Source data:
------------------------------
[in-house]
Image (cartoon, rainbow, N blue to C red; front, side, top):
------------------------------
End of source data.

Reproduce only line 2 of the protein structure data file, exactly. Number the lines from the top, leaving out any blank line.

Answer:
Image (cartoon, rainbow, N blue to C red; front, side, top):